Restorative proctocolectomy with ileal pouch-anal anastomosis (IPAA) is the current treatment of surgical choice for ulcerative colitis and for selected familial adenomatous polyposis[1,2]. One of the main long-term complications after IPAA is inflammation of the pouch (pouchitis). Symptomatic inflammation of the ileal pouch develops in 7-40% of patients who undergo IPAA[3-6]. The etiology of pouchitis is probably a multifactorial event involving genetic, immune, microbial, and toxic mediators, but is poorly understood. Heusten first identified “secondary pouchitis” caused by surgical complication specific to the ileal reservoir and pouch anal anastomosis. Most cases of pouchitis are primary with an acute course and show a good response to medical therapy, but patients with secondary pouchitis underlying surgical complications need surgical management because medical treatment alone is ineffective. In this report, we described a case of secondary pouchitis due to a peripouch abscess, blind loop formation, which had no response to medical treatment, and so we selected a surgical procedure suitable to the disease state.
This case was about a 20-year-old woman who had been diagnosed as having an ulcerative colitis when she was 12 years old. She had been controlled in remission with medical therapy (prednisone and 5-aminosalicylic acid), but on July 2001, she relapsed to severe colitis and was admitted in another hospital. She was treated there with intravenous fluids, broad spectrum parenteral antibiotics, systemic steroids (prednisone 60 mg/d), and granulocytapheresis (GCAP). Despite this conservative therapy, her condition deteriorated and she had underwent laparoscopic total colectomy, ileal pouch-anal anastomosis and diverting ileostomy.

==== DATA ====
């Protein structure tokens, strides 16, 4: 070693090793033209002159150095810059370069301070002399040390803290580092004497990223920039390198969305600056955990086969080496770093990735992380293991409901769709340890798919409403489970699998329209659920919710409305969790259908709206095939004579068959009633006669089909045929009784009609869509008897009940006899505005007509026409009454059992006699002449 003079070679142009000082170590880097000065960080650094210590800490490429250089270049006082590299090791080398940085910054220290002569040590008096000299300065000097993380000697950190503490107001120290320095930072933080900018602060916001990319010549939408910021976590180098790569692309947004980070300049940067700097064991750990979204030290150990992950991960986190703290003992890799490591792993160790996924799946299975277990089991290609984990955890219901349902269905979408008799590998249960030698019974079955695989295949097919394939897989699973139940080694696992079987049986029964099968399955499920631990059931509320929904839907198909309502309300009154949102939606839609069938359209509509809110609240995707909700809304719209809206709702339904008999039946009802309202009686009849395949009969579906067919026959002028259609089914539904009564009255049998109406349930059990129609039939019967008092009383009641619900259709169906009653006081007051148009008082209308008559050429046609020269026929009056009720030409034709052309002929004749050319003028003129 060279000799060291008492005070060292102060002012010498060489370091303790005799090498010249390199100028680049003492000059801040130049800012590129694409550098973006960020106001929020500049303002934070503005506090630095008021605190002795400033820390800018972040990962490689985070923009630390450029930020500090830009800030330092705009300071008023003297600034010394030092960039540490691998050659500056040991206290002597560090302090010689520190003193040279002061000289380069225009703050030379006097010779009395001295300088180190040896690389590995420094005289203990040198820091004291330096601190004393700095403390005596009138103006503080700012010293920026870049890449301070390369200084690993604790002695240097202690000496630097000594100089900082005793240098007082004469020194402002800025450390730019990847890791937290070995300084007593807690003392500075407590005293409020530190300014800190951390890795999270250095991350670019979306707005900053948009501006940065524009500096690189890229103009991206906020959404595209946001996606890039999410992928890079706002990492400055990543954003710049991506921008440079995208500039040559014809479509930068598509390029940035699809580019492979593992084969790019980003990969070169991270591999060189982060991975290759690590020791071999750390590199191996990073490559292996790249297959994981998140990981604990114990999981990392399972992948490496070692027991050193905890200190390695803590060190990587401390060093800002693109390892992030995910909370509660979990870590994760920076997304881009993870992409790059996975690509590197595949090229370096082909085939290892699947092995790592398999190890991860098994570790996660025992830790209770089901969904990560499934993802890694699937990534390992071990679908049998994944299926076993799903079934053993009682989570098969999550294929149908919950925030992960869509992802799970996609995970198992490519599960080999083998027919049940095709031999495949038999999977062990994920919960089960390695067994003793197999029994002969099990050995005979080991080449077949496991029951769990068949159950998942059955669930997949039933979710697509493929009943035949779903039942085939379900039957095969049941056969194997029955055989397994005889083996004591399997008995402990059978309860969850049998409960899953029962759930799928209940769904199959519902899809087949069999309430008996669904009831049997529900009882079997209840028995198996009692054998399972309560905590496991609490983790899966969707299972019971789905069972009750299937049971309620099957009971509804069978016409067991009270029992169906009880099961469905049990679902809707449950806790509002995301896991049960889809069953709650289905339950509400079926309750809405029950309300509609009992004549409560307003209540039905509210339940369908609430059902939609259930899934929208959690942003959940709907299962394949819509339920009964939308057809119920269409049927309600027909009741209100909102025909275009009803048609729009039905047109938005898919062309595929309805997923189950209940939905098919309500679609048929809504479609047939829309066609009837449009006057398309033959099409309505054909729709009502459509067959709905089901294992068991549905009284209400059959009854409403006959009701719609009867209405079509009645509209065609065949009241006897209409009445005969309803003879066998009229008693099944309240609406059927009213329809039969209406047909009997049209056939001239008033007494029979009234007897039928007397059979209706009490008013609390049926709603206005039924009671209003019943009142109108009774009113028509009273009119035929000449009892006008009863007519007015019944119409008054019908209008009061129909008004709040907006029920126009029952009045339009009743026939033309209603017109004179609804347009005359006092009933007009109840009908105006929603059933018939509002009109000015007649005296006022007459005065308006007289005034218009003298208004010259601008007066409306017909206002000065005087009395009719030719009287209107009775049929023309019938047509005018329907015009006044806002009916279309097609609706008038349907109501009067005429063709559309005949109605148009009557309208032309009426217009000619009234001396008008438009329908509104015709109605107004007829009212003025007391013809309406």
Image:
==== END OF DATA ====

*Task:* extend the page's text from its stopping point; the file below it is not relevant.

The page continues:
About 3 mo after the primary operation, she had episodes 10 times a day of continuous severe bloody diarrhea. Colonoscopy showed inflammatory mucosa spontaneously bleeding from the anal verge to the ileal J pouch; and was diagnosed as severe pouchitis. She received metronidazole in the form of enemas, but did not respond.
On admission to our hospital, she was not pale, afebrile with a pulse rate of 90 beats/min, and had an anal bloody mucus discharge of 5-10 times per day. Laboratory studies showed that all parameters were almost normal. Culture analysis of the bloody mucus discharge showed multiplication of streptococcus agalactiae and Gram-negative rods. Pouchoscopy showed easy bleeding, inflammatory mucosa with ulcer formation, apical bride formation in the ileal J pouch and edematous colonic mucosa with inflammation from the anal verge to the anastomosis (Figure 1). A pouchogram showed an about 10-cm blind loop formation of the ileal J pouch and apical bridge formation (Figure 2). Since we assumed that the operative procedures had not causally affected the outcomes, conservative therapy using metronidasole enemas, steroid enemas, and leukocytapheresis was undertaken for 1 mo.